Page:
Filters:

Barrett Hospital Foundation

Southwestern Montana Rural Accountable Care

Project Term: 24 months; Ended 2017
Grant Amount: $50,000

This goal of this project was to support Barrett Hospital’s participation in Montana’s first Rural Accountable Care Organization (RACO). The RACO consists of 12 critical access hospitals in Montana, Idaho, and Wyoming that collectively serve more than 9,000 Medicare patients. Barret Hospital’s project developed an evaluation and measurement process for key health outcomes and implemented case management and patient discharge care plans. Highlights include: more than 63 percent of Medicare patients received annual wellness visits (the Centers for Medicare and Medicaid’s goal is 50 percent); a multidisciplinary team was developed to do a monthly review of all patients (reducing the cost of sub-acute care by 15 percent over 6 months); several reports were designed and implemented, giving providers the ability to focus on and follow up with chronic disease patients. The hospital plans to continue working with the RACO workgroup and a consultant and will sustain this project through internal funds.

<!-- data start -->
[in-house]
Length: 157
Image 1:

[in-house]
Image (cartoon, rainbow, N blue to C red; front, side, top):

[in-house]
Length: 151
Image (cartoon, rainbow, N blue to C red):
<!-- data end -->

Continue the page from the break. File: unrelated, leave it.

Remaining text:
Beaverhead County Public Health

Integrating Behavioral and Physical Health in Rural Southwest Montana

Project Term: 18 months; Ended 2017
Grant Amount: $22,100

For this project, Beaverhead County’s local advisory council on mental health oversaw a community-wide coalition which leads work plan development and implementation of integrated behavioral health in their county. Other coalition accomplishments include: establishing criminal justice, crisis response, ACE (project materials: ACE Task Force Mission and GoalsACE Task Force Pamphlet), universal screening, and mental health task forces; implementing universal screenings for depression at the University of Montana-Western Student Health Center; and successfully hosting a two-day behavioral health summit which was facilitated by the National Council for Behavioral Health and will continue as an annual event. 

Behavioral Health Alliance of Montana

Advocacy for Behavioral Health Prevention, Treatment, and Recovery

Project Term: 36 months; 2017-2020
Grant Amount: $150,000